A public school teacher lost her appeal of a district court's decision dismissing her retaliation, defamation and First Amendment claims related to her union activities, the First Circuit ruled, saying the lower court did not err when it sided with a Massachusetts town and its school officials.
Red Roof Inn will pay an employee $40,000 to resolve a suit brought by the U.S. Equal Employment Opportunity Commission in Ohio federal court alleging the company blocked an employee from a promotion because he is blind, according to a Tuesday filing.
The Council of the District of Columbia unanimously passed a bill Tuesday that would expand employment protections for domestic workers, including anti-discrimination and fair pay protections.
Raytheon Technologies Corp. agreed Tuesday to resolve a former program manager's suit claiming he was fired because of his age and his need to take time off after a cancer diagnosis, according to a filing in Indiana federal court.
The National Football League, now facing the fallout from recent reports that power brokers used hate speech in emails going back decades, should have taken proactive steps to monitor and police workplace communications, because all employers must weed out such discriminatory behavior — starting at the top, says Arash Homampour at the Homampour Law Firm.
After Facebook’s recent record-setting settlement with the U.S. Departments of Justice and Labor addressing allegations of hiring discrimination that favored visa holders over U.S. workers, employers that process permanent labor certifications should review their recruitment methods for potential Immigration and Nationality Act liability, say attorneys at Faegre Drinker.
While commercial airlines have faced the brunt of paid leave claims under the Uniformed Services Employment and Reemployment Rights Act, Walmart’s recent $10 million class action settlement may represent the beginning of a second wave of military leave lawsuits against nonairline companies with certain risk factors, says Joe Skinner at Husch Blackwell.
The number of lawsuits filed by the U.S. Equal Employment Opportunity Commission in fiscal year 2021 increased back to prepandemic levels, signaling to employers an increase in agency aggressiveness and the potential for one of the busiest enforcement years ever in 2022, say attorneys at Seyfarth.
California's recently enacted Silenced No More Act, which expands restrictions on confidentiality and nondisparagement provisions in workplace discrimination settlements, will likely broaden employee protections in several unexpected ways that could reach beyond the statute's primary intentions, say William Jhaveri-Weeks and Ally Girouard at The Jhaveri-Weeks Firm.
A California federal jury’s recent $137 million verdict in favor of a Black former Tesla subcontractor sends a clear message to all employers: Serving as a joint employer does not provide a loophole to avoid liability for racial harassment claims, says Aimee Schnecker at Obermayer Rebmann.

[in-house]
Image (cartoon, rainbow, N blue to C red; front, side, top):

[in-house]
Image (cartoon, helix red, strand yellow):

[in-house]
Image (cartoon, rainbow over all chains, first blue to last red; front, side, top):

In light of the pandemic’s turbulent effect on the labor market, employers may want to pay careful attention in preemployment negotiations to avoid liability exposure during verbal discussions and when drafting written agreements, says Travis Tatko at Capell Barnett.
As state-level efforts — such as an executive order in Texas and a new law in Arkansas — aim to counteract President Joe Biden’s COVID-19 vaccination mandates, government contractors are caught in a whipsaw because complying with both sets of requirements is not possible, says Karla Grossenbacher at Seyfarth.
Attorneys at Reed Smith answer employers’ top questions about religious exemptions for COVID-19 vaccine requirements, including how such requests differ from medical accommodations, whether it's appropriate to question an employee's sincerity, and how to handle inquiries based on nontraditional belief systems.
Activision's recent $18 million settlement with the U.S. Equal Employment Opportunity Commission is an example to all human resource and executive leaders of the consequences if they do not take the necessary steps to ensure that their workplaces are free from gender bias, say Thomas Eron and Theresa Rusnak at Bond Schoeneck.
While health care companies anxiously await further guidance from various federal agencies on overlapping COVID-19 vaccine mandates, there are several steps industry employers can take to tackle the compliance conundrum and prepare for accommodation requests, staffing shortages and other likely challenges, say attorneys at K&L Gates.
Given the U.S. Equal Employment Opportunity Commission’s recent suggestion that commissioner charges may be used to investigate artificial intelligence hiring tools, employers should take several steps to ensure their use of AI complies with Title VII and the Americans with Disabilities Act, say Daniel Butler and Kevin White at Hunton.
While a Pennsylvania federal court recently held in Matias v. Terrapin House that an employer illegally fired its worker for regarding her as disabled after she tested positive for COVID-19, the judge’s reasoning relied on outdated Americans with Disabilities Act case law, so plaintiffs should be careful when citing its authority, says Jonathan Mook at DiMuroGinsberg.